An Unusual Case of Hyperbilirubinaemia Post Mitral Valve Replacement Surgery in a Tertiary Care Centre
How to cite this article: Mangalgiri A, Jawahirani AR, Sharma A, Washimkar S, Dongre L. An unusual case of hyperbilirubinaemia post mitral valve replacement surgery in a tertiary care centre. Vidarbha J Intern Med 2022; 32:67-9.
Seven cases of MVR have been performed in this newly opened tertiary Care Centre till now. We present an unusual case of a 52 year old female who underwent MVR and developed hyperbilirubinaemia on 2nd postoperative day. This laso revrted the next day without any permanant sequelae. Our patient was asymptomatic through the process.
Post mitral valve replacement surgery
Postoperative hyperbilirubinemia after cardiac surgery using cardiopulmonary bypass is a relatively infrequent event but may result in significantly increased adverse outcomes. The preoperative identification of patients at an increased risk for developing postoperative hyperbilirubinemia may allow heightened vigilance during the perioperative period and earlier diagnosis and intervention, possibly improving outcome. Hyperbilirubinemia was reported in early studies to occur in about 10% of patients after cardiac surgery. More recent studies estimate the incidence of postoperative hyperbilirubinemia to be more than 20% or even as high as 51% and may be associated with a mortality up to 25%.
A 52-year-old woman, a known case of rheumatic heart disease with severe mitral stenosis, was admitted for mitral valve replacement surgery. On the 2nd post-operative day, she developed jaundice, which peaked in the evening of the same day. The patient’s clinical examination was inconsistent with the total bilirubin of 11.7 mg/dl in the morning, and it increased to 13.5 mg/dl in the evening. Her abdominal examination was normal, no signs of circulatory failure was noted. The bilirubin levels dropped drastically on the 3rd post-operative day to 9.8 mg/dl in the morning and 2.7 mg/dl in the evening. Alkaline phosphatase levels were normal. The viral markers were normal. The USG abdomen did not reveal any dilatation in the intra- and extra-hepatic biliary system.
Hyperbilirubinaemia has been reported in several studies in the early post-operative period after cardiac surgery with a varying incidence between 10% and 40%.[1-3] Post-operative hyperbilirubinaemia remains a serious concern, despite marked improvement in cardiopulmonary bypass (CPB) strategies giving worse post-operative outcomes.[4,5] If liver dysfunction is an effect of CPB-associated factors that is, haemolysis, hypoperfusion, or systemic inflammatory response, it remains to be asserted.[1,6,7] Many studies were done for identifying the incidence of post-operative jaundice, following cardiac surgery. While transient moderate hyperbilirubinaemia is usually associated with a favourable outcome, late occurring ascending hyperbilirubinaemia was associated with higher mortality and morbidity. The incidence of post-operative jaundice after valvular replacement/reconstruction is 17.5%. According to some studies in post-operative hyperbilirubinaemia, 70% of the increase of total bilirubin was on the 1st post-operative day which was from an increase in unconjugated bilirubin. The significant risk factors being, the number of valves replaced, pre-operative right atrial pressure, and pre-operative total bilirubin concentration; these in combination correctly predict the occurrence of post-operative hyperbilirubinaemia in 80% of the patients and this is associated with a high rate of in-hospital mortality. In patients with heart failure and liver dysfunction, meticulous operative measures are needed to reduce the CPB time and transfusions. The pathogenesis of liver dysfunction after cardiac surgery is multifactorial. Varghese et al. stated that alterations in hepatic blood flow are a major factor in the pathogenesis of post-operative hepatic function dysfunction. Collins et al. postulated that failure of the canalicular excretion of bilirubin was the main cause of conjugated hyperbilirubinaemia.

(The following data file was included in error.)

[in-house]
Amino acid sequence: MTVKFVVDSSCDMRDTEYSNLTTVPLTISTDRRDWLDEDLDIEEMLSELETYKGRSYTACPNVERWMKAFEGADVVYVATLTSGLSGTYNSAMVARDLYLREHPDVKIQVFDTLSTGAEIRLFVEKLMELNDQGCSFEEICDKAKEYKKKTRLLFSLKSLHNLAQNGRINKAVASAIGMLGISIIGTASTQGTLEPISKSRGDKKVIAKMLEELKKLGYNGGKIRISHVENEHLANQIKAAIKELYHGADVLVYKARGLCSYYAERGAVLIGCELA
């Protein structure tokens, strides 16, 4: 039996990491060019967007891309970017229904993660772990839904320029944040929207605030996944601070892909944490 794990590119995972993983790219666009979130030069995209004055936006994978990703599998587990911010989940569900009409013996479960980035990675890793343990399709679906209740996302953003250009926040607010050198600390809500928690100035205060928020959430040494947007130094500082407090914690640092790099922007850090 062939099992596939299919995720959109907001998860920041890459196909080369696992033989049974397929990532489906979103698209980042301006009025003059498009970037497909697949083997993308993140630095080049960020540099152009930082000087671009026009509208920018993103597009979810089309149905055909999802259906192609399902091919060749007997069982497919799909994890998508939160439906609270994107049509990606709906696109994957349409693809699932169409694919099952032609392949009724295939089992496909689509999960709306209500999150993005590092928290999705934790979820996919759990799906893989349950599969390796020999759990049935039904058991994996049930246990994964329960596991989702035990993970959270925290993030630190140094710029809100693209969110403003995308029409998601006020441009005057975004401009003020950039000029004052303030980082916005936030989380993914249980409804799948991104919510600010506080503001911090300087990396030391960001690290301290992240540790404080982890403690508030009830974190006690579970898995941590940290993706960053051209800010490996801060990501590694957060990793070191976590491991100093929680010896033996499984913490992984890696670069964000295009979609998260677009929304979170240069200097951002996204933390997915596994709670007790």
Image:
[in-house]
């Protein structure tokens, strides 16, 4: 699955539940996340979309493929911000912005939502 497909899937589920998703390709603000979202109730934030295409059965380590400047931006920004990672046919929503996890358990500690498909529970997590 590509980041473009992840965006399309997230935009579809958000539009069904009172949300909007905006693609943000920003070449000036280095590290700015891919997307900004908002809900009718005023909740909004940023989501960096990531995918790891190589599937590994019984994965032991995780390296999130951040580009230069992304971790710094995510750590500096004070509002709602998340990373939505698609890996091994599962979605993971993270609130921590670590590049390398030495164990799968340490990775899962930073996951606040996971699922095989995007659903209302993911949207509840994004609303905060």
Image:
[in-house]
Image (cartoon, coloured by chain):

Out of the total 121 cardiac surgeries in our centre and seven MVR surgeries, this was the only unusual case where we found a sudden raise in total bilirubin on the 2nd postoperative day with a sharp dip the following day. The patient was asymptomatic throughout.
Post-operative hyperbilirubinaemia remains a serious concern, despite marked improvement in CPB strategies with poor outcomes. Efforts to reduce the cardiopulmonary bypass time and transfusions specifically in patients with heart failure or liver dysfunction along with meticulous postoperative management are required. This was a rare case, which had an unusual presentation, with a good outcome.
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